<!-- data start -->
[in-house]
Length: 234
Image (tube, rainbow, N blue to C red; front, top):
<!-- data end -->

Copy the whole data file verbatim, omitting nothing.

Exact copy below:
[in-house]
Length: 234
Image (tube, rainbow, N blue to C red; front, top):